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The Effect of State Community Rating Regulations on Premiums and Coverage in the Individual Health Insurance Market

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  • Bradley Herring
  • Mark V. Pauly

Abstract

Some states have implemented community rating regulations to limit the extent to which premiums in the individual health insurance market can vary with a person�s health status. Community rating and guaranteed issues laws were passed with hopes of increasing access to affordable insurance for people with high-risk health conditions, but there are concerns that these laws led to adverse selection. In some sense, the extent to which these regulations ultimately affected the individual market depends in large part on the degree of risk segmentation in unregulated states. In this paper, we examine the relationship between expected medical expenses, individual insurance premiums, and the likelihood of obtaining individual insurance using data from both the National Health Interview Survey and the Community Tracking Study Household Survey. We test for differences in these relationships between states with both community rating and guaranteed issue and states with no such regulations. While we find that people living in unregulated states with higher expected expense due to chronic health conditions pay modestly higher premiums and are somewhat less likely to obtain coverage, the variation between premiums and risk in unregulated individual insurance markets is far from proportional; there is considerable pooling. In regulated states, we find that there is no effect of having higher expected expense due to chronic health conditions on neither premiums nor coverage. Overall, our results suggest that the effect of regulation is to produce a slight increase in the proportion uninsured, as increases in low risk uninsureds more than offset decreases in high risk uninsureds. Community rating and guaranteed issue regulations produce only small changes in risk pooling because the extent of pooling in the absence of regulation is substantial.

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Bibliographic Info

Paper provided by National Bureau of Economic Research, Inc in its series NBER Working Papers with number 12504.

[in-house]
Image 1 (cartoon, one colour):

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Date of creation: Aug 2006
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Handle: RePEc:nbr:nberwo:12504

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  1. Thomas Buchmueller & John DiNardo, 1999. "Did Community Rating Induce an Adverse Selection Death Spiral? Evidencefrom New York, Pennsylvania and Connecticut," NBER Working Papers 6872, National Bureau of Economic Research, Inc.
  2. Willard G. Manning & John Mullahy, 1999. "Estimating Log Models: To Transform or Not to Transform?," NBER Technical Working Papers 0246, National Bureau of Economic Research, Inc.
  3. Bundorf, M. Kate & Pauly, Mark V., 2006. "Is health insurance affordable for the uninsured?," Journal of Health Economics, Elsevier, vol. 25(4), pages 650-673, July.
  4. S. Baranzoni & P. Bianchi & L. Lambertini, 2000. "Market Structure," Working Papers 368, Dipartimento Scienze Economiche, Universita' di Bologna.
  5. Heckman, James J, 1979. "Sample Selection Bias as a Specification Error," Econometrica, Econometric Society, vol. 47(1), pages 153-61, January.
  6. Davidoff, Amy & Blumberg, Linda & Nichols, Len, 2005. "State health insurance market reforms and access to insurance for high-risk employees," Journal of Health Economics, Elsevier, vol. 24(4), pages 725-750, July.
  7. Deborah J. Chollet & Adele M. Kirk & Kosali Ilayperuma Simon, 2000. "The Impact of Access Regulation on Health Insurance Market Structure," Mathematica Policy Research Reports 4922, Mathematica Policy Research.
  8. Herring, Bradley, 2005. "The effect of the availability of charity care to the uninsured on the demand for private health insurance," Journal of Health Economics, Elsevier, vol. 24(2), pages 225-252, March.
  9. Rothschild, Michael & Stiglitz, Joseph E, 1976. "Equilibrium in Competitive Insurance Markets: An Essay on the Economics of Imperfect Information," The Quarterly Journal of Economics, MIT Press, vol. 90(4), pages 630-49, November.
  10. Herring, Bradley & Pauly, Mark V., 2006. "Incentive-compatible guaranteed renewable health insurance premiums," Journal of Health Economics, Elsevier, vol. 25(3), pages 395-417, May.
  11. Frick, Kevin D, 1998. "Consumer Capital Market Constraints and Guaranteed Renewable Insurance," Journal of Risk and Uncertainty, Springer, vol. 16(3), pages 271-78, July-Aug..
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Cited by:
  1. Daniel McFadden & Carlos Noton & Pau Olivella, 2012. "Remedies for Sick Insurance," Working Papers 620, Barcelona Graduate School of Economics.
  2. Jeffrey Clemens, 2012. "Regulatory Redistribution in the Market for Health Insurance," Discussion Papers 11-011, Stanford Institute for Economic Policy Research.
  3. M. Kate Bundorf & Bradley Herring & Mark Pauly, 2005. "Health Risk, Income, and Employment-Based Health Insurance," NBER Working Papers 11677, National Bureau of Economic Research, Inc.
  4. Connelly, Luke B. & Brown III, H. Shelton, 2008. "Lifetime Fairness? Taxes, Subsidies, Age-Based Penalties, and the Price of Health Insurance in Australia," MPRA Paper 14671, University Library of Munich, Germany.

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